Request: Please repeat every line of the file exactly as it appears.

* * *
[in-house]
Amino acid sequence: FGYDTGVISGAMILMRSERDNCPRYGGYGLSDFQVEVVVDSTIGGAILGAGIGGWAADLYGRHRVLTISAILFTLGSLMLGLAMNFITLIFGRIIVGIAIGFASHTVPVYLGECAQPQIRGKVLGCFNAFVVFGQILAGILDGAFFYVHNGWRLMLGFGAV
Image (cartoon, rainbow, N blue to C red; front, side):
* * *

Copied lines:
[in-house]
Amino acid sequence: FGYDTGVISGAMILMRSERDNCPRYGGYGLSDFQVEVVVDSTIGGAILGAGIGGWAADLYGRHRVLTISAILFTLGSLMLGLAMNFITLIFGRIIVGIAIGFASHTVPVYLGECAQPQIRGKVLGCFNAFVVFGQILAGILDGAFFYVHNGWRLMLGFGAV
Image (cartoon, rainbow, N blue to C red; front, side):